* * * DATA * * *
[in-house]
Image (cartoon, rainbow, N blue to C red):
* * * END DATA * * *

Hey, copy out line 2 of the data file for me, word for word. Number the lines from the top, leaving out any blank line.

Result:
Image (cartoon, rainbow, N blue to C red):